Colloquium - James Valles (Brown University) Crafting a Bose Insulator Out of a Superconductor

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James Valles (Brown University)
October 11, 2016
4:00PM - 5:00PM
Location
1080 Physics Research Building - Smith Seminar Room - reception at 3:45pm in the Atrium

Date Range
Add to Calendar 2016-10-11 16:00:00 2016-10-11 17:00:00 Colloquium - James Valles (Brown University) Crafting a Bose Insulator Out of a Superconductor

The most studied quantum phase transition in Condensed Matter Physics is, arguably, the superconductor to insulator transition (SIT).  Its popularity derives from its ubiquity, accessibility and straightforward phenomenology. Virtually all superconductors that have two dimensional electronic characteristics can be tuned from a superconducting state with zero resistance to an insulating state with infinite resistance in the zero temperature limit.  The tuning parameters employed like film thickness, magnetic field or chemical doping, appear in the many body Hamiltonian, which renders the SIT a quantum phase transition.

In all cases, the superconducting many body wave function consists of Cooper pairs of electrons with long range phase coherence.  On the other hand, the make up of the insulating phase can vary significantly.  In one extreme it can be a Fermi insulator if the Cooper pairs break into single electrons at the SIT.  In the other extreme, it can be a Bose insulator if the Cooper pairs remain intact but lose long range phase coherence at the SIT.  Recent experimental advances have defined characteristics of the latter phase, the Bose Insulator, making it easier to distinguish it from the Fermi insulator.   I will describe these advances and unique characteristics of boson transport like giant magnetoresistance and local phase coherence.  I will describe how we can craft a Bose insulator out of a superconductor that nominally exhibits a Fermi insulator.

 

1080 Physics Research Building - Smith Seminar Room - reception at 3:45pm in the Atrium Department of Physics physics@osu.edu America/New_York public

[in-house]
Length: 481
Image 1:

Description

The most studied quantum phase transition in Condensed Matter Physics is, arguably, the superconductor to insulator transition (SIT).  Its popularity derives from its ubiquity, accessibility and straightforward phenomenology. Virtually all superconductors that have two dimensional electronic characteristics can be tuned from a superconducting state with zero resistance to an insulating state with infinite resistance in the zero temperature limit.  The tuning parameters employed like film thickness, magnetic field or chemical doping, appear in the many body Hamiltonian, which renders the SIT a quantum phase transition.

In all cases, the superconducting many body wave function consists of Cooper pairs of electrons with long range phase coherence.  On the other hand, the make up of the insulating phase can vary significantly.  In one extreme it can be a Fermi insulator if the Cooper pairs break into single electrons at the SIT.  In the other extreme, it can be a Bose insulator if the Cooper pairs remain intact but lose long range phase coherence at the SIT.  Recent experimental advances have defined characteristics of the latter phase, the Bose Insulator, making it easier to distinguish it from the Fermi insulator.   I will describe these advances and unique characteristics of boson transport like giant magnetoresistance and local phase coherence.  I will describe how we can craft a Bose insulator out of a superconductor that nominally exhibits a Fermi insulator.